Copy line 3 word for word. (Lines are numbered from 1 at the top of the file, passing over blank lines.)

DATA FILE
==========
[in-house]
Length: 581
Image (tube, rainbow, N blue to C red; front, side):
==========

Image (tube, rainbow, N blue to C red; front, side):